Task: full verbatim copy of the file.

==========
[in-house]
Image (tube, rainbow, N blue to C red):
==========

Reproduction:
[in-house]
Image (tube, rainbow, N blue to C red):